This is an independent blog. Please note that I am nowhere near fluent, and that these are not translations, but merely works in progress. Please do comment if you come across misreads or anything else you think is important.
Another attempt to destroy Pele and her volcanic fires crops up in a little known legend which comes from the Island of Kauai.
After the death of the Chief Kaha-wali in a lava flow at Puna, Hawaii, the Kauai chiefs determined to make an end to Pele and her antics.
Kauai in those days was famous for having Kahunas (priests) of great spiritual powers. The people of Kauai believed they were strong enough to cope with Pele. So six priests were selected and sent to Hawaii with instructions to go to Kilauea and surround Pele. Continue reading →
One day when Pele was in her crater home, she heard a racket. She took upon the usual attire of women and stood atop a hill to look, and she saw an alii sledding on his holua down a cliff, and when he reached the bottom of the cliff, the people cheered.
When that alii reached the place where Pele stood on top of the cliff, he said I challenge you to sledding.
According to a radiogram received by L. W. de Vis-Norton Wednesday night, a wonderful spectacle is developing at Halemaumau. The lava has risen to within 200 feet of the rim of the pit, and hundreds of fountains are in violent action. Continue reading →
Up to Wednesday, 29th ult., there has been no further accounts of volcanic action on Hawaii. The earthquakes have ceased in violence and frequency, although the whole islands is still moved by slight vibrations. There was a smart shock felt in Kohala on Thursday, also the same day, a slight vibration here in Honolulu.
There are reports that the lava has again broken out in Kapapala, but we do not credit it.
We are happy to give our readers a clear and intelligent account of the late volcanic action on Hawaii, from the pen of the Hon. William Hillebrand, M. D., who has just returned from a close examination of the disturbed districts.
The account of the lava fissure at Kahuku, is entirely new to the public. H. I. M.’s Commissioner and Consul, M. Beranger, who made the tour with Dr. Hillebrand, has made a number of sketches of the most interesting volcanic appearances. Continue reading →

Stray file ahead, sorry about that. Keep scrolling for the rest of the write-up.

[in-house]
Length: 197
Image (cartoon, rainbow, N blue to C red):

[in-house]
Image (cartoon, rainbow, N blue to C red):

We have on our table a very fine set of photos of Kilauea Volcano, and some distant views of the lava flow, as well as some of the pahoehoe, taken by Montano. Truly our photographers are adventurous. Mr. Montano has certainly struck out a bold line in taking Kilauea.
[This is something I would like to see. Anybody know of any?]
(Hawaiian Gazette, 8/31/1881, p. 3)
Hawaiian Gazette, Volume XVII, Number 35, Page 3. August 31, 1881.
[Found under: “Hunahuna Meahou o Hamakua Ame Kohala” by Mrs. Reinhardt.]
Last week, two men living and working at the Kilauea National Park came to Honokaa School, their names being Gunther Olsen and friend. The school was filled with its 496 students from 1st grade to 6th, to see pictures of the mountains of this island. Olsen described the different birds while his companion showed pictures of the birds on a white cloth. Truly beautiful were the pictures of the mamo, O-o, Elepaio, Iiwi, Apapane, and so forth. The names of the birds of ours were clearly pronounced in Hawaii by that man.
According what was said by this man, in Keaau is being cared for at the home of Herbert Shipman, NENE birds, which are believed to be going extinct, but they are increasing. Our birds were much more beautiful in the olden days before other birds were imported from all over, the birds that are a problem for the crops growing in our gardens. They eat flowers of the peppers [nioi], and that is why the nioi doesn’t fruit as they did in years past.
After the pictures of the birds were shown, pictures were shown of the burning fires of Pele atop Mokuaweoweo last year. These men climbed up Mokuaweoweo on horseback and when they reached a certain point, the horses were left and they went on foot until the crater. Where they were was scorching. While the fires were boiling, snow was seen on both sides covering the ground. Continue reading →